This year, elementary parents will be able to check Poweschool for some grades and I caution parents not to go over the deep end with this opportunity.
    Use this year as a training ground for preparing for middle school.
    If there’s one thing I could tell you, it is to provide opportunities for your student to accomplish an assignment over several days or weeks before it is due.
    The science fair, for example, is one way that you can remind students not to save everything for the weekend before the project is due.
    The goal is not to help your student so much that they don’t accomplish the goal on their own. If everything is saved until the day before it is due, then let them sweat it out. Let them have to sacrifice something fun, a game, an event, some television or video game playing to finish the project. If you save the day every time, it will come back to bite you in the butt, I promise.

  • Be There 10-23-12

    Wednesday
    Republican candidate Jefferson Byrd will visit Los Alamos for a town hall meeting at 5 p.m. at the GOP headquarters, 1362 Trinity Dr., Suite D1. The public is welcome to attend.

    GeekOut Family Night will be from 5:30-8:30 p.m. upstairs, at Mesa Public Library. Bring your own games, or play theirs.

    Los Alamos High School will host a Financial Aid Information Night at 6 p.m. in the Speech Theater. All interested students and parents are encouraged to attend. New Mexico Educational Assistance Foundation Representative Ruben Reyes will provide information about the Free Application for Federal Student Aid, scholarships, grants, work-study programs and loan programs. An LAHS counselor will also be available to answer questions. For more information about Financial Aid Information Night, contact Connie Goettee at 663-2595 or c.goettee@laschools.net.

    The Los Alamos Community of Atheists will host an open discussion at 6:30 p.m. in meeting room 1 of the Mesa Public Library. All are welcome. Bring any topics or thoughts you might have. Questions can be sent to losalamoscommunityofatheists.com.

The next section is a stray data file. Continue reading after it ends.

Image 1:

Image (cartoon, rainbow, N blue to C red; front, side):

Thursday
    The last outdoor Farmers Market of the season will be from 7 a.m.-12:30 p.m. in the Mesa Public Library parking lot.

  • Shutterbugs: Share your photos with the community

    Whether you’re an amateur with a really good eye or a seasoned pro, Los Alamos Life wants your best photos. Get your most striking pictures featured in the next edition of Los Alamos Life, set to publish in February 2013.

    Los Alamos Life is an award-winning full color, glossy annual magazine that presents a quintessential snapshot of moments in the life of Los Alamos. The magazine is reminiscent of the iconic Life magazine, but it is bolder and more colorful in its presentation.

    If a picture is worth a thousand words, then Los Alamos Life says a lot about Los Alamos, its people and what it’s like to live in this majestic mountain hamlet — home of scientific discoveries that have literally changed the world.

    Los Alamos Life is looking for photos that will help tell that story... Nature, wildlife, kids, pets, funny moments from a family gathering, poignant shots of our senior citizens ... Photos can include everything from action sports to thought-provoking still life.

  • State of the lab

    Los Alamos National Laboratory director Charlie McMillan addresses a group of community business leaders at the Buffalo Thunder Casino and Resort Tuesday morning. McMillan talked about the state of LANL and more details will be available in Wednesday’s Los Alamos Monitor.